Framed out offensive tackle sees his recruiting heating up quite quickly
If you like them framed out, this is your guy right here. He is tall (6’5″), he is lean (231-pounds), and he is long. He’s recently back from the Best of the Midwest (BOTM) combine where he really studded out in austere company. With D’1’s already circling, look for this kid to garner top of the class (’25) notoriety from the major recruiting services covering the Bluegrass.HB Lyon, Scouting Division, KPGFootball
We got into a spirited debate on Facebook regarding whether a high school football team could beat a small college team (NAIA, NCAA-D2 or D3). Football parents all think their son’s high school team would give a Hell of a game to whatever small college program has the temerity to be recruiting their son (who is way too good to go there).
We hear this all the time. It is the latest installment of how misinformed “Football parents” really are.
The truth…there isn’t a high school team in Kentucky beating any of the 17 or so colleges or universities fielding football teams across the Bluegrass; not Trinity, not Frederick Douglass, not St. Xavier, no one, period. Maybe we can arrange a game and call it the Loser has to Shut the Hell up Bowl.
We’re kidding. We don’t think an insurance carrier would agree to underwrite that game, talk about your liability headaches.
We did have one interesting comment during the debate. One guy actually said if the high school team didn’t start a kid under 17 and had plenty of legal 19’s on the roster, with five (5) FBS, Power 5 recruits across its offensive front and four to six (4-6) Power-5 DL’s in the rotation, then it would be a competitive game.
First of all, show me a Kentucky HS roster even remotely resembling that. Secondly, it still wouldn’t matter, the small college would still wipe up the field with the high schoolers. It is the anatomical difference between “developing” and “full grown.” Perhaps some of you, still holding out hope, should consult a Doctor.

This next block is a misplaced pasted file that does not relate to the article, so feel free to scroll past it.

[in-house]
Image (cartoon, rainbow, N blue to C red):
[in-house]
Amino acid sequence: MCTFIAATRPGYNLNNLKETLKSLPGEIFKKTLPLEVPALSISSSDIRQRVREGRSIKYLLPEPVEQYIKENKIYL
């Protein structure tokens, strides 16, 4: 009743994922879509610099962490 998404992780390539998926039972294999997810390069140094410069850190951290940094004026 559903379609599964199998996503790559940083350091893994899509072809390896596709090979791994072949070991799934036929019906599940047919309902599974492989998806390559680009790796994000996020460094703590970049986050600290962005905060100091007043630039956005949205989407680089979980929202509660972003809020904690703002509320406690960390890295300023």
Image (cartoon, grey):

Besides that, routinely across the Bluegrass, programs (regardless of level of competition) start sophomores up and down the lineup. This year’s sophomore class are ’25’s and almost as many ’25’s started across Kentucky in ’22 as ’23’s who were in the starting lineup.
One such top-25 is today’s feature, Gradey Anthony from North Oldham. Anthony plays both Lacrosse and Football. In football, Anthony is slotted at OT.
Anthony has the frame to play there at the next level. Next level programs are evaluating him hard.
Anthony has herd from Auburn, Purdue, Louisville, Bowling Green State, and Arizona State. Anthony attended the BOTM and really “studded” at that yearly, prestigious event.
Anthony was 3rd among OL at the 40-yards dash (5.31-seconds), 3rd in the pro-agility shuttle (5.03-seconds), and 3rd in the broad jump (93-inches or 7’9″). He performed well in the one on ones and was among the better framed young linemen at the event. Anthony’s been invited to Prep Redzone’s Prospect Tour, if that is any indication of the offseason he is in the midst of enjoying.
As for frame, well Anthony checks all the boxes. Anthony is tall (6’5″). Anthony is lean (231-pounds), a characteristic we will expound on further momentarily. Anthony is athletic (See above times plus have we mentioned “Lacrosse[?]”). Anthony is aggressive (Lacrosse was played to prepare Native Americans for war…and was sometimes used to settle disputes).
Now lean is important to colleges recruiting young “bigs.” We have been told by more than one college OL coach that he prefers getting long, tall, OL who are on the thin side so the program can get by with adding “good weight” as opposed to having to put the recruit on a diet before adding back “good weight.”
Takes less time they tell us. The prospects is ready for play quicker and the program gets more return on its investment.
North Oldham had an interesting year in ’22. The Mustangs finished 5-7, but the final margin was one score or less in two of those losses. The ‘Tangs could have been 7-5 as easily as they were 5-7 with some breaks going North Oldham’s way.
This coming Fall promises to be different. One reason is the long-armed, tall, thickening, and physically maturing, D-1 prospect the Mustangs have to slot along its offensive front.
This is Fletcher W. Long, reporting for KPGFootball, reminding you to PLAY THROUGH THE WHISTLE!
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